Tilgner et al.  have shown that when normalized by nucleosome levels, the relative density of H3K36me3 does not show exon-specific enrichment. My hypothesis is as follows. The relative density of H3K36me3 differs between highly and lowly expressed genes. It is the density of nucleosomes that differs between exons and introns. Therefore, the absolute level of H3K36me3, the product of the nucleosome level and the relative modification density, should be different between the exons and introns of highly expressed genes (Additional file 7).
This finding proposes a new model for the influence of epigenetic mechanisms on RNA splicing. Nucleosomes seem to act as roadblocks to pol II passage and expose weak splice acceptors for a long duration to ensure exon inclusion. CpG methylation might play a similar function but with a lower efficiency in pol II inhibition. H3K36me3 appears to accelerate RNA splicing, likely by recruiting the spliceosome-for example, via the CHD1 protein . Although the detailed mechanisms remain to be elucidated, these three marks could function cooperatively to ensure the inclusion of the protein-coding exons of many different transcripts with varying transcriptional activity by differentially controlling pol II elongation efficiency.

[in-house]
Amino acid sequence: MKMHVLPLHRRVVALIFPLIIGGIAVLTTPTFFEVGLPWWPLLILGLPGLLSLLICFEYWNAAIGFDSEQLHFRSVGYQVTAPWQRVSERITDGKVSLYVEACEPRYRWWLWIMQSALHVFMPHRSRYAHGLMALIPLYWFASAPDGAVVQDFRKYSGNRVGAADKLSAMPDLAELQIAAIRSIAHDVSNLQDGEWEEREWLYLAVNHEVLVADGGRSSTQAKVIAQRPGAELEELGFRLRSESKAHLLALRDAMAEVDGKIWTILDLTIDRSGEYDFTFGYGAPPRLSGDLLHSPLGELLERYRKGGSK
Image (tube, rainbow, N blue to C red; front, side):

In the present study, I focused on the general mechanistic effect of chromatin organization on proper splicing. However, tissue-specific or condition-specific alternative splicing may not be regulated in this way. More elaborate mechanisms involving cis-acting RNA sequences and trans-acting RNA-binding proteins should accompany this process. Changes in chromatin organization of an exon may result in an alternative inclusion or exclusion of the exon. With epigenomic datasets coupled with RNA profiles for multiple tissues or conditions, we will be able to demonstrate the chromatin regulation of alternative splicing.